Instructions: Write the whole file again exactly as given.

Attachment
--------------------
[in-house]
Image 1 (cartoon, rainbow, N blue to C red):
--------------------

[in-house]
Image 1 (cartoon, rainbow, N blue to C red):